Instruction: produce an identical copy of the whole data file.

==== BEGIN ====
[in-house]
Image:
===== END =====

[in-house]
Image: